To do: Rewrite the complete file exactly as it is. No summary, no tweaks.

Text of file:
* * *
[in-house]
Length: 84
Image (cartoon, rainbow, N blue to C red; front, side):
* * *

[in-house]
Length: 84
Image (cartoon, rainbow, N blue to C red; front, side):